The provincial council — the party's governing body — has called a special meeting for Sunday to consider options such as mail-in ballots or satellite voting stations in remote communities.
"There's an enormous cost for people to come all the way to Winnipeg to cast their ballot and ... it's absolutely reasonable to find other ways for people to be able to vote on this very important decision," legislature member Rob Altemeyer, one of many party members who has criticized the rule, said Tuesday.
The party executive met last weekend and decided that the normal rules for an annual convention, which require in-person voting, would apply to the March 8 leadership vote because it is being held during the annual meeting.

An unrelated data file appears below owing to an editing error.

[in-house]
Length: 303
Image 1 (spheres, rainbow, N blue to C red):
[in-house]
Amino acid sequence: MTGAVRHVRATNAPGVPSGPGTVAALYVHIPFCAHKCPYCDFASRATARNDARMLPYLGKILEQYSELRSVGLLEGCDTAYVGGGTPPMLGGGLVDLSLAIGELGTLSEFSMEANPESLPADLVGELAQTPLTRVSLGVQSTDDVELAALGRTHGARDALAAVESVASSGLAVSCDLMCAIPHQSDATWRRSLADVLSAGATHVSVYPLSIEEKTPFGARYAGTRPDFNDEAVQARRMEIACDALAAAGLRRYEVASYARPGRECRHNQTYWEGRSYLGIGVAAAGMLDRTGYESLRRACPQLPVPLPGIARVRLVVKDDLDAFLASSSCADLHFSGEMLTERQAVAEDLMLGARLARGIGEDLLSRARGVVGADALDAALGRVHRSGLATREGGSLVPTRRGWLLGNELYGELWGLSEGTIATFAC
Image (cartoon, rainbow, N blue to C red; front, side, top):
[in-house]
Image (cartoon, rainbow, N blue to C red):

Many party members opposed the decision. They said high travel costs would deter delegates from northern and remote rural communities from turning up for the vote.
All three leadership candidates — Steve Ashton, Theresa Oswald and Greg Selinger — have said they support options to allow for remote voting. Several members of the NDP caucus, including Altemeyer, Flor Marcelino, Jim Rondeau and deputy premier Eric Robinson, signed a letter to party headquarters asking the rule to be changed.
The leadership vote is being held following a caucus revolt against premier Selinger. Five senior cabinet ministers called on him last fall to consider resigning as the party continued to lag in opinion polls. Selinger refused and challenged his opponents to run against him at the March convention.
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